Powder Horns: Portals to the Past

Rationale and Background

This lesson is intended to reach 4th and 5th grade United States History students on two levels. It is designed to spark their interest in history as well as the lives of people during the French and Indian War period. In addition, having students create a powder horn allows for self expression and shows personal identification with some aspect of the content. Research shows that these types of connections help students to internalize and remember much of the knowledge and skills teachers are trying to foster.

"Necessity is the mother of invention." In this lesson students learn an excellent example of how basic need led to an invention. This idea is applicable to every historical time period, as well as current day. A frontiersman of the colonial era would not be without his gun. This was an essential item to surviving life in a dangerous and often uncharted land. As a result, he needed a way to carry small amounts of gun powder in order to shoot his gun as he hunted or fought as a soldier. Indians and other travelers also needed the powder horn for several different reasons. Thus began the use of the powder horn during the French and Indian war time period of the mid 18th century.

Most powder horns were hand crafted from cows' horns by hollowing out the soft, pulpy internal material. A hole was burned into the small end to make a spout and the larger end was plugged tightly with a piece of wood carved to fit. The end result was a durable, water tight means to carry gun powder for an inexpensive price. Not all powder horns were used for gunpowder though: they were also used as canteens and for transporting colonial necessities like salt and tobacco. Some were also used strictly for decoration.

Once the outside was scraped smooth with a blade it made a fine surface for etching which is to cut a pattern, design or words into the object. Once the engraving was complete, the owner often rubbed ink into the grooves to make it stand out. If actual ink wasn't available, colonials used many different items such as grease, wax, soot or even gunpowder dust.

Horns are categorized usually one of two ways. One way is to group them by where they were made as shown by what is on the horn. For example, there are New York horns, Boston horns. Another way is to designate horns by the content engraved on them. For example, there are Rhyme Horns, Map Horns, Location Horns (showing a place like a Fort), Campaign Horns or Name and Date only Horns among other designations. They often used phonetic spelling and interesting abbreviations.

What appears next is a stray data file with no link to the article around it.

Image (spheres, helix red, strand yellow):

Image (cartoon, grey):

One very popular rhyme was: "I Powder With my brother ball /a Hero Like I Conquer all" (from Samuel Lounsbury's horn made at Fort No. 4 on June 20, 1757).

Other rhymes refer to England and have a more international spirit:

The Horn is Don (done)
So make no more fon (fun)
Ye lion and ye unicorn
Both fighting for the Crown
The Lion beat the Unicorn
All round the English Town

Yankee Doodle cum(come) to Town
Wareing (wearing) Linen Breeches
He Made the Red Coats Leave the Sound
And filled up all his Ditches

The engravings on powder horns whether amateurish or professional looking provide a unique look into the lives of men from the start of the craft during the French and Indian War period through the American Revolution. There are some common themes and even known carvers that can be discerned across many powder horns. Patrick Henry's "Give me Liberty or Give me death" has appeared on powder horns.

By the 1830s, more modern inventions like the metal flask replaced the powder horn. The brief time period of expression through carving a powder horn for the common person was over. Yet descendants are left with their words which reveal their beliefs, hopes fears, and journeys. This was a wonderful means of expression for those with talent and even those without.

For New Hampshire teachers, it is a way to engage students in the history of the lives of people who lived in their state, yet were an important part of the historical events they read about in their textbooks. Many powder horns were made in New Hampshire by men stationed at Fort No. 4 who went on various military campaigns. In this lesson, students will have a chance to see pictures of surviving horns not only from NH but other areas as well.

These rhymes and other verses, pictures and sayings all provide a portal to better understand the lives of people during the 18th century. As one writer put it, engraved powder horns are a "vital link to the spirit of the 18th century adventurer" (Eileen Silva Kindig The Black Powder Journal Vol. 3 No. 1, January/February 1998). Students will hopefully catch that sense of adventure and excitement through learning about powder horns and by making their own.

Sources

Drums A'Beating, Trumpets Sounding: Artistically Carved Powder Horns in the Provincial Manner 1746-1781 by William Guthman. CT Historical Society, 1993.

Engraved Powder Horns of the French and Indian War and the Revolutionary War Era by Nathan Swayze. Gun Hill Pub. Co., 1978.